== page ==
Million-dollar mistake: Why Waiting to Discover Online Evidence Could End up Costing you the Case

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Are you preparing for litigation, and expect that you’ll need to collect defensible online media evidence? Then the time to request a report is now, while the information may still be accessed online. Every hour you wait provides more time for your subject to prevent you from collecting the web evidence you need to make your case and defend against false claims.

It’s true! Even the smallest delay could cost you and your client the case, which could lead to major financial loss — or worse, depending on the claim. Despite the very real risks of waiting, we find that, in some cases, clients order a report after the litigation process is already underway. That’s worse than unfortunate, because by then they’ve already potentially lost their argument. Why? Because during the litigation process legal counsel on the other side may advise the person to remove online evidence, including posts, comments, photos, and more on social media.

Yes, that’s allowed and is not considered destroying evidence. We often find that subjects will try to remove, alter, or delete items, or reset privacy settings to social media pages once they’ve become involved in litigation. We have been involved in many cases in which we collected social media evidence, which was compiled and archived into a report, only to find that the online evidence was removed less than 24 hours later.

And once social media evidence is gone, it’s really gone. While it is possible to retrieve some web evidence — for example, by looking into archived web pages and collecting third party citations — social media evidence is harder to retrieve, and may sometimes even be lost for good.

In this way, the world of social media investigations and reporting is just like anything else. You’ve heard the saying, “An ounce of prevention is worth a pound of cure”? The same is true when it comes to the collection of online evidence. Taking precautions and doing your homework ahead of time will save you trouble in the long run.

It’s very important you not let this happen to in your case. Social media and online evidence are often the difference between proving the truth, and paying out millions. Think that’s an exaggeration? You can read a case study about the use of social media evidence in a personal injury lawsuit here.

In this case, we were able to demonstrate using social media and online evidence that the plaintiff’s claims of debilitating injury were not only untrue, but that she had been actively enjoying activities that she’d claimed were out of reach. Her defense witnesses, also shown in the social media posts we collected, were completely discredited. Our work ultimately saved the client from having to pay a $1 million settlement on a false claim.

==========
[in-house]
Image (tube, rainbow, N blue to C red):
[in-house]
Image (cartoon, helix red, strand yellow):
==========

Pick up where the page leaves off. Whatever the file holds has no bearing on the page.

How to use social media and online evidence reporting in your litigation process

Instead of waiting, we recommend that you order social media reports in a consistent and systematic way. Using best practices for submitting a report request and getting us involved early in the process ensures that our analysts have the best possible opportunity to find, compile, and archive all relevant online evidence.

That practice can save you at trial, but also on future social media reports. We can’t always guarantee what you’ll find in the way of online evidence, but we can guarantee you won’t find what you’re looking for if you wait too long.

What information do we need when submitting a request for a deep report? Please be sure to provide as much information as is available to you: the subject’s full name, including any known nicknames; complete information about where the person lives; the birthday or age range of the person, to help the analyst find the right subject for the report; a phone number and/or email address if you have one, again to help pinpoint the right person; and additional information about education and employment history if you have it.

We also recommend that you let us know why you need the report in the scope section, as it can help our analysts to target their search and find the most valuable information for your case. For example, we can’t know to look for evidence that someone is enjoying active vacations, when they’ve claimed disability and injury, unless you tell us the basics about what you need.

Keep in mind, a Deep Report (as in the case study above) is often critical to prevent false claims of injury, in cases such as:

Employment Litigation
•Employer Defense
•Wrongful Termination
•Workers Compensation
•Fraud
•Defamation
Intellectual Property
•Patent research
•Copyright Infringement
Due Diligence
•Acquisition
•Mergers
•Corporate Client Profile
•Opposition Record
Trial Support
•Jury Selection
•Jury Monitoring
Class Action Suits
•Client Intake

In all of these cases, the timing of the report request is critical. You’ll want to be sure to provide our analysts with date ranges along with the information outlined above. But just as important is requesting making your request of a report in a timely manner, with all of the information our analysts will need to conduct the report without delay, so that online and social media evidence is preserved.

Because if you’re failing to plan, you really are planning to fail — and that could really end up costing you.